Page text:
Throwim Way Leg by Tim Flannery
Throwim Way Leg is pidgin for going on an adventure. Tim Flannery wrote this book yonks ago and I happened to read it because at the time I had a mild obsession with Irian Jaya, which is now called West Papua.
Tim Flannery has since been named Australian of the Year.

That's it. I'm feeling the urge to read again (something that is not on a screen), which could only be good!

Tuesday, February 15, 2011

The rainbow connection
Yesterday I was forced out of bed to see a damn hot air balloon. This morning it was a damn rainbow.
P.S. If you recognise your house in this photo, get yourself a lotto ticket pronto.

Yesterday, being the day of lovers, I received these oriental lillies. I was chuffed because not only do I love oriental lillies, but he also bought them at Rosalie (where I usually get our flowers). The message here is that I am heard, at least sometimes, and that is the best gift of all - you can't wrap that!

Almost two years after we moved into our house, she is still throwing the odd treasure my way. Yesterday, whilst ferretting around in the back of the sideboard I found an old envelope with about 30 old birthday cards.

This one is from 1910 and reads:
May Birthday wishes all come true
With happiness and pleasures too,
May all your little friends surround,
And toys and joys and love abound.

From 1915, below.

This one is from 1916. The front reads:

A Gladsome Birthday
Fair and bright
be your Birthday,
With never a cloud
or a stain
And may you, dearest, alway,
Be free from sorrow and pain.

I dare say the person who penned this little ditty probably normally headed up the sympathy card section, and was just filling in for the day in 'birthdays'. Who puts the words 'sorrow', 'pain', and .....worst of all.... 'stain' in a birthday wish?

I'm in a bit of a decorating funk. I put these frangipanis out by the pool....but it's just not happening.

 We are having some friends for dinner on Saturday night to celebrate my husband's birthday. Stay tuned for some more birthday cake making later this week. I'm preparing myself mentally for it. I'm sure things can't go any worse than last time? Touch wood!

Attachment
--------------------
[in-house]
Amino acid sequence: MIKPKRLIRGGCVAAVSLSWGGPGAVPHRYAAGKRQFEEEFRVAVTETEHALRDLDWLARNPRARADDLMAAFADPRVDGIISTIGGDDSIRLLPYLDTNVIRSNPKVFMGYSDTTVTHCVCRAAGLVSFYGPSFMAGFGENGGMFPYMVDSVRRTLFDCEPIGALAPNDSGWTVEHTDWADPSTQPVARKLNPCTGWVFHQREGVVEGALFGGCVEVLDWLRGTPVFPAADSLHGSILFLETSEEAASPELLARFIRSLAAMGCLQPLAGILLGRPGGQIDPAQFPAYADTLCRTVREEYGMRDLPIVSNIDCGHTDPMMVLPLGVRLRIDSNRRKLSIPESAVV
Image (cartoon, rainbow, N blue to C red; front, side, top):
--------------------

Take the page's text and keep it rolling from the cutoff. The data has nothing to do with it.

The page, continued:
Sunday, February 13, 2011

Piglets and dragons
We had an unexpectedly animal-filled day today.
Firstly, we visited the Roma Street Parklands which are looking superb. There we saw a mother duck and her ducklings. Unfortunately, she wouldn't come out of the shadows for me to photograph them well enough.
We saw hundreds of these water dragons,  and every single one game me a shiver up my spine.  I'm not big on reptiles.

A city isn't a proper city without a pretty garden amongst the concrete.

Then we visited my husband's old workplace, which is a boy's boarding school. They have a very good set up there with farm animals, so the country boys can do agricultural studies and they don't get too homesick.
These calves are a year old and have all been taken away from their mothers in the last week.

We also got to see these cherubs. Born two weeks ago. This little one below was the runt. He was desperately trying to get a drink from his mother, while his bigger brothers feasted at the more well endowed end. Look at that big boy at the bottom of the photo who has had his fill and conked out. I wanted to wrap one (probably the runt) in a blanket and bring it home.

Spare a thought for mother pig next time you're buying pork sausages. That's where she's off to soon. She's produced about 60 piglets during her life time. She's a lovely girl who weighs in at about 250kg.
It's good to occasionally spare a thought for the animal on your dinner plate. It's easy to think, after a while in the city, that our meat is just conjured up at the supermarket, fresh from the meat machine, and wrapped in plastic.

It's my husband's birthday on Friday. Here we go again....